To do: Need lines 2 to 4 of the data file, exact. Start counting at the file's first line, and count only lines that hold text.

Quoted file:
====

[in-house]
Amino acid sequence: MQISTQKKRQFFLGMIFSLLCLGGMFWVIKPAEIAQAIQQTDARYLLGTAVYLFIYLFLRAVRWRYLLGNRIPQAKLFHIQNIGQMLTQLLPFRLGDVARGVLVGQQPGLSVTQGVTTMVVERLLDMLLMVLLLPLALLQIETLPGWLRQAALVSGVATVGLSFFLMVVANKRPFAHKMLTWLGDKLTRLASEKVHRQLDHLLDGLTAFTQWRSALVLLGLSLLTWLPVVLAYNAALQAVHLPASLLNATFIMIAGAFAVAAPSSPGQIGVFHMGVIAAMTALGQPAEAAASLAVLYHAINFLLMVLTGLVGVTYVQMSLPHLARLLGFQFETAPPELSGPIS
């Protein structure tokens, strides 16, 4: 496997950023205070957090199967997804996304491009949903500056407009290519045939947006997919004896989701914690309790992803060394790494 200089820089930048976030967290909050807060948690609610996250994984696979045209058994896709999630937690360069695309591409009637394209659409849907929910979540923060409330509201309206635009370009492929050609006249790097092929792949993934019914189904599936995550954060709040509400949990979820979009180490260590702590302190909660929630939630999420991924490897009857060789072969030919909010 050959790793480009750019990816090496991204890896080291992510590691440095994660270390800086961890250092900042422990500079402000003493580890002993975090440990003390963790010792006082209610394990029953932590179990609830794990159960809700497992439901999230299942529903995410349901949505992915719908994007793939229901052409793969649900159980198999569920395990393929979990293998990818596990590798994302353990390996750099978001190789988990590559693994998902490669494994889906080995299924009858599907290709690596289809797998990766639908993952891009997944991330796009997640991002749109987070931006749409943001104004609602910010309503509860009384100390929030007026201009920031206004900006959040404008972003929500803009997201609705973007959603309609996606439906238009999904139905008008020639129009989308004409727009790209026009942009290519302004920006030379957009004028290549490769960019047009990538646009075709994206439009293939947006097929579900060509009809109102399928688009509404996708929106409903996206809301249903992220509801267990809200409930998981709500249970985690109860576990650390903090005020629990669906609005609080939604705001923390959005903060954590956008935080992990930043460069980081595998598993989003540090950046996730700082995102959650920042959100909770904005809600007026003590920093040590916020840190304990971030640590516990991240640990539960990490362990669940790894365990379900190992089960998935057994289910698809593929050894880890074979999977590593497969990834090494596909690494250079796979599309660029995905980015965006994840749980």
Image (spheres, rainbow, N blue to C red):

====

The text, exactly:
Amino acid sequence: MQISTQKKRQFFLGMIFSLLCLGGMFWVIKPAEIAQAIQQTDARYLLGTAVYLFIYLFLRAVRWRYLLGNRIPQAKLFHIQNIGQMLTQLLPFRLGDVARGVLVGQQPGLSVTQGVTTMVVERLLDMLLMVLLLPLALLQIETLPGWLRQAALVSGVATVGLSFFLMVVANKRPFAHKMLTWLGDKLTRLASEKVHRQLDHLLDGLTAFTQWRSALVLLGLSLLTWLPVVLAYNAALQAVHLPASLLNATFIMIAGAFAVAAPSSPGQIGVFHMGVIAAMTALGQPAEAAASLAVLYHAINFLLMVLTGLVGVTYVQMSLPHLARLLGFQFETAPPELSGPIS
């Protein structure tokens, strides 16, 4: 496997950023205070957090199967997804996304491009949903500056407009290519045939947006997919004896989701914690309790992803060394790494 200089820089930048976030967290909050807060948690609610996250994984696979045209058994896709999630937690360069695309591409009637394209659409849907929910979540923060409330509201309206635009370009492929050609006249790097092929792949993934019914189904599936995550954060709040509400949990979820979009180490260590702590302190909660929630939630999420991924490897009857060789072969030919909010 050959790793480009750019990816090496991204890896080291992510590691440095994660270390800086961890250092900042422990500079402000003493580890002993975090440990003390963790010792006082209610394990029953932590179990609830794990159960809700497992439901999230299942529903995410349901949505992915719908994007793939229901052409793969649900159980198999569920395990393929979990293998990818596990590798994302353990390996750099978001190789988990590559693994998902490669494994889906080995299924009858599907290709690596289809797998990766639908993952891009997944991330796009997640991002749109987070931006749409943001104004609602910010309503509860009384100390929030007026201009920031206004900006959040404008972003929500803009997201609705973007959603309609996606439906238009999904139905008008020639129009989308004409727009790209026009942009290519302004920006030379957009004028290549490769960019047009990538646009075709994206439009293939947006097929579900060509009809109102399928688009509404996708929106409903996206809301249903992220509801267990809200409930998981709500249970985690109860576990650390903090005020629990669906609005609080939604705001923390959005903060954590956008935080992990930043460069980081595998598993989003540090950046996730700082995102959650920042959100909770904005809600007026003590920093040590916020840190304990971030640590516990991240640990539960990490362990669940790894365990379900190992089960998935057994289910698809593929050894880890074979999977590593497969990834090494596909690494250079796979599309660029995905980015965006994840749980």
Image (spheres, rainbow, N blue to C red):